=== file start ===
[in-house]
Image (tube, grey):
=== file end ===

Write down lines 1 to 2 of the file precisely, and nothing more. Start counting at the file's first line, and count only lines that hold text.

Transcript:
[in-house]
Image (tube, grey):